3. People are trying to transition into Hadoop from different (technical) backgrounds
  4. People want to know if they need to know Java to work with Hadoop
  5. People really want to know if getting a certification in Hadoop will land them a job.

Here is an update to each of these trends:

#1) I cannot share the Cloudera training materials with you, sorry. I wish you the best, but I cannot distribute these materials. They are also pretty old at this point, chances are some of the content is outdated by now. It seems like many of the people asking me for the training materials haven’t picked up any books on the subject at all.  So, please check out the available online resources or pick up some books (Hadoop, the Definitive Guide, comes to mind) .

#2) There is tremendous amount of interest in learning Hadoop (and getting the training materials) in India. If it
is hard to find experienced Hadoop developers in the US right now, I imagine it must be even harder in India (for now, anyway) and there must be many, many job openings right now. I can imagine the outsourcing firms trying to staff up to meet the unmet demand in the US and elsewhere. Almost all the comments and private messages sent to me for training materials were from India. I do not know how much a training course costs in India, but there are plenty of training options, in addition to Cloudera and Hortonworks’ online offerings.

#3) Career switchers (or more accurately, technology-platform-switchers) will need to impress hiring managers with their transferable skill sets and show (not tell) their passion for technology and big data. This is true for any job applicant.

#4) Regarding Java, yes, it is good to know Java to work with Hadoop, but it is not required. You can use other languages, such as python, through the Hadoop Streaming API. To work with big data, python is good language to know anyway (lots of companies are looking with people with linux/python background), so learn python while you are at it (learnpythonthehardway.com). If you know python you will also be able to use Pig to interact with your data. What language you will will be determined by the solution architecture and design. If the company you want to work with has designed a solution with custom coded java map reduce jobs, then you would need to know java. Other places may implement Hadoop Streaming API and use python, so it may be possible to get a job there if you know python.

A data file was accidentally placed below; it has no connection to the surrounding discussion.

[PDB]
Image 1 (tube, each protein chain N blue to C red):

#5) Having a certification in Hadoop won’t guarantee you a job. Most companies are looking for experienced Hadoop hires, which is hard to do unless they are poaching employees from other Big Data statups or tech firms (Yahoo, Google, etc.). When I interviewed technical job applicants, I was surprised (perhaps I shouldn’t have been) how poorly they interview. So please, please practice your behavioral interviewing skills (“tell me about yourself”, “walk me through your resume”, “tell me about a time you had to solve a difficult problem”, “why do you want this job”, etc.). If someone has 50 certifications and can’t answer these simple questions, I will not consider them for the role. I have heard that some hiring managers consider too many certifications as a cover up for lack of skill (superstar developers don’t bother getting certified / don’t need to be certified). For the rest of us, it can help, but it doesn’t guarantee success. The Cloudera Developer course is a good overview, but for it to be meaningful, you really do need a project to work on. Working on a pet project and being able to share code samples would help set you up for success when interviewing.

As for my own personal experience, I did not get a job working directly with Hadoop following the certification course, but I also was not only considering Hadoop developer roles.  I am now leading a BI implementation project where I interviewed and hired a team of developers and analysts. We are using Pentaho and Vertica (for analytic database) and I have been evangelizing Hadoop and other technologies at my company. I find it humorous when executives say the company needs to do more “big data” or “more Hadoop” without really knowing what it means. The certification course definitely helped me speak more authoritatively about this technology at my company and when networking with others.